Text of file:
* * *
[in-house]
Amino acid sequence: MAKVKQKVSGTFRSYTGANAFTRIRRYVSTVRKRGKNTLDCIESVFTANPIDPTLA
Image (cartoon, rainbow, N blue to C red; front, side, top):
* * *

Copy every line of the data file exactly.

[in-house]
Amino acid sequence: MAKVKQKVSGTFRSYTGANAFTRIRRYVSTVRKRGKNTLDCIESVFTANPIDPTLA
Image (cartoon, rainbow, N blue to C red; front, side, top):